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I'm trying to Query some lattitude and logitude and then I get some long numbers and apperently the Query dont like that.

Let says I have these in the database

Meta-key: lat 
Meta-value: 54.3415000 
Meta-key: lng
Meta-value: 10.1254100

and do a query like this:

$args['meta_query'] = 
        array(
            'relation' => 'AND', 
            array(
                'key'       => 'lat',
                'value'     =>  array( '53.82659686199116', '54.946076335668714' ),
                'type'      => 'NUMERIC',
                'compare'   => 'BETWEEN',
            ),
            array(
                'key'       => 'lng',
                'value'     =>  array( '8.429260683593725', '11.889954042968725' ),
                'type'      => 'NUMERIC',
                'compare'   => 'BETWEEN',
            )
        );

Then it works, BUT, when it looks like this:

$args['meta_query'] = 
        array(
            'relation' => 'AND', 
            array(
                'key'       => 'lat',
                'value'     =>  array( '54.10933293482647', '54.66906633195788' ),
                'type'      => 'NUMERIC',
                'compare'   => 'BETWEEN',
            ),
            array(
                'key'       => 'lng',
                'value'     =>  array( '9.294434023437475', '11.024780703124975' ),
                'type'      => 'NUMERIC',
                'compare'   => 'BETWEEN',
            )
        );

Then it does not work, even it is still between the 2 numbers.

Anyone have a clue what is going on here ? Must be some MYSQL stuff.

EDIT:

Here is what a mysql request looks like:

SELECT SQL_CALC_FOUND_ROWS wp_posts.ID FROM wp_posts INNER JOIN wp_postmeta ON
(wp_posts.ID = wp_postmeta.post_id)INNER JOIN wp_postmeta AS mt1 ON 
(wp_posts.ID = mt1.post_id) WHERE 1=1 AND wp_posts.post_type = 'branchenbuch' 
AND (wp_posts.post_status = 'publish' OR wp_posts.post_status = 'future' 
OR wp_posts.post_status = 'draft' OR wp_posts.post_status = 'pending' 
OR wp_posts.post_status = 'private') AND ( (wp_postmeta.meta_key = 'lat' 
AND CAST(wp_postmeta.meta_value AS SIGNED) BETWEEN '54.1833340338' 
AND '54.4636527622')AND (mt1.meta_key = 'lng' AND CAST(mt1.meta_value AS SIGNED) 
BETWEEN '9.76272625977' AND '10.6278995996') ) GROUP BY wp_posts.ID 
ORDER BY wp_posts.post_date DESC LIMIT 0, 10 
share|improve this question
2  
Try it without the quotes. Those are currently strings. And make sure you save the meta data as actual numeric values and not strings. Else there's nothing that could be between. –  kaiser Feb 1 '13 at 16:15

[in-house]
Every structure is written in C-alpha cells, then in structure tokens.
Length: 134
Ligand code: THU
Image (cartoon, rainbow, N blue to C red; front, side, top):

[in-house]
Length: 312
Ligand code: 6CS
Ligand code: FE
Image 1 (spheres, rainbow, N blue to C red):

The meta_value have type LONGTEXT in mysql, so it is not a number, but I cant change that. –  Kristian Primdal Feb 2 '13 at 13:40

2 Answers 2

Your problem is this:

CAST(wp_postmeta.meta_value AS SIGNED)

Run a simple SQL query (command line or PhpMyAdmin, whatever you like) like SELECT CAST('1.2' as SIGNED) and you will see that the value returned is 1. What causes that cast is 'type' => 'NUMERIC',.

You can pass DECIMAL to meta_query instead of NUMERIC but I don't see a way to pass parameters to DECIMAL that would actually make it useful. SELECT CAST('1.2' as DECIMAL) is also 1 unless you also pass arguments to DECIMAL like this SELECT CAST('1.2' as DECIMAL(20,10)). The first number is 'precision'-- the number of decimal places used in the math-- and the second is the number of decimal places returned. The second appears to me that the second value needs to be at least 2 less than the first or you get odd rounding issues. Obviously the second needs to be at or greater than the maximum decimal places in your number.

Your best approach would be to use 'type' => 'DECIMAL', and apply a filter:

function add_decimal_params($sqlarr) {
  remove_filter('get_meta_sql','add_decimal_params');
  $sqlarr['where'] = str_replace('DECIMAL','DECIMAL(20,16)',$sqlarr['where']);
  return $sqlarr;
}
add_filter('get_meta_sql','add_decimal_params');

Add the filter immediately before your query and it will remove itself.

You may be able to get this to work by left-padding your numbers to the same length and not using a type argument at all, but I didn't test that.

share|improve this answer

I used something similar a couple of years ago, I finally used raw sql (can't remember why) but the main difference I see from your raw sql and mine is this row:

AND CAST(wp_postmeta.meta_value AS SIGNED) BETWEEN '54.1833340338' 

in my case it is casted to DECIMEL and values are numbers (not strings):

AND CAST(wp_postmeta.meta_value AS DECIMAL(20,10)) BETWEEN 54.1833340338 

and the actual lat/lng are without single quotes -> so they're are actual numbers.

Try running this:

SELECT SQL_CALC_FOUND_ROWS wp_posts.ID FROM wp_posts INNER JOIN wp_postmeta ON
(wp_posts.ID = wp_postmeta.post_id)INNER JOIN wp_postmeta AS mt1 ON 
(wp_posts.ID = mt1.post_id) WHERE 1=1 AND wp_posts.post_type = 'branchenbuch' 
AND (wp_posts.post_status = 'publish' OR wp_posts.post_status = 'future' 
OR wp_posts.post_status = 'draft' OR wp_posts.post_status = 'pending' 
OR wp_posts.post_status = 'private')

AND ( (wp_postmeta.meta_key = 'lat' 
AND CAST(wp_postmeta.meta_value AS DECIMAL(20,10))
BETWEEN 54.1833340338 AND 54.4636527622)

AND (mt1.meta_key = 'lng'
AND CAST(mt1.meta_value AS DECIMAL(20,10)) 
BETWEEN 9.76272625977 AND 10.6278995996))

GROUP BY wp_posts.ID 
ORDER BY wp_posts.post_date DESC LIMIT 0, 10 
share|improve this answer

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